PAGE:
Oslo Pride has extensive experience in producing and facilitating workshops and seminars with international speakers on contemporary LGBTQI issues. The opportunity of hosting the InterPride AGM allows us to use both our expertise in hosting human rights conferences, and leveraging our international networks to deliver an impactful and relevant workshop program.
Oslo Pride’s solidarity program is funded by the Norwegian Ministry of Foreign Affairs. This funding enables us to design a customised conference program, supporting and developing activists who experience challenges in their fight for equal rights. This program is developed and organised in association with Amnesty International Norway, The Norwegian Helsinki Committee, and our parent organization, the national LGBTQI organisation FRI.
The program we have developed so far includes activists from Armenia, Russia, Ukraine, Belarus, Latvia, Lithuania, Poland, Czech Republic, Hungary, Slovenia, Slovakia, Montenegro, Serbia, Macedonia, Albania, Kosovo and Greece.
We are proud to promote the important messages from our partners, like Valentina from Murmansk, who recorded this message during Barents Pride last weekend:
Russian legislation and anti LGBTQI sentiment has prohibited activists from organising a Pride events and gatherings in their own country. In the last two years, Barents Pride in Kirkenes, Norway, close to the Russian boarder has established itself to provide a platform and voice for our Russian LGBTQI family against ongoing discrimination and violence. This is a joint initiative between the Russian organisation Maximum in Murmansk, the Norwegian Helsinki Committee, Amnesty International Norway, and FRI:
Our core workshops will be focused on three main themes described in some detail below. We welcome suggestions for additional workshops and themes from the InterPride community.
1. INTERNATIONAL SOLIDARITY AND HUMAN RIGHTS
Oslo Pride and our parent organisation, FRI – The Norwegian Organization for Sexual and Gender Diversity, partner with the global community through ILGA/ILGA Europe, TGW/TGEU networks. We are also present in relevant UN bodies and Council of Europe as part of the civil society. Through these networks and collaborations, along with our focus on regional issues, including Russia and Chechnya, we deliver current and well informed facilitation and discussion.
We are exploring a number of different topics, such as:
- LGBTQI human rights in Russia and Chechnya – InterPride and our global impact
- Mainstreaming LGBTQI public policies domestically and internationally
- Refugees and LGBTQI migration – Norwegian and global experiences
- LGBTQI, multi-faith and cultural community leadership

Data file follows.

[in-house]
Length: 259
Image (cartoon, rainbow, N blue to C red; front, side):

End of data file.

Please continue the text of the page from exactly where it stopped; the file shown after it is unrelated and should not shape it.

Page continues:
2. CURRENT TOPICS AND CONFLICTS IN THE LGBTQI MOVEMENT
Being part of a globalised world, debates, conflicts and current topics are often the same in many societies, but might play out differently. Within Oslo Pride, we believe that we can learn from each other, and that there is value in exchanging opinions, experience and ways of handling issues. Despite living in different political and geographical contexts, we can learn from each other and get new ideas from discussing universal topics for the LGBTQI community.
The following topics are examples of possible workshop themes:
- Understanding marginalization and LGBT intersectionality – concurrent workshops
- example: mental health, and improving social outcomes
- Minority visibility e.g. trans and intersex people and women
- Racism and Indigenous inclusion
- Pink washing
- Police collaboration and police violence
- Mobilising the LGBTQI community e.g. call to action
- Community integration and collaborating for success
- Safety and security in communities at risk
3. MAKING A SUCCESSFUL PRIDE
Our experience is that workshops on making a Pride festival, including topics such as funding, event organizing and public relations is of interest to all pride organizers. We would also like to host workshops on inclusiveness. In particular, we have partnered with two civil society organizations, Queer World and Queer Youth, to offer workshops on how to create more inclusive pride events for people with a minority background, either on the part of religious belief, cultural background or ethnicity.
Youth (minors) is another group that, though not a minority, often feel excluded from pride events, for example because of the high prevalence of alcohol. Oslo Pride has worked with both Queer Youth and Queer World for a number of years to enable more inclusive pride events for youth and people with minority backgrounds. Pride organizers across the world have numerous different approaches on how to work on inclusiveness, and we hope that sharing our experiences through workshops will enable us all to advance further in our field.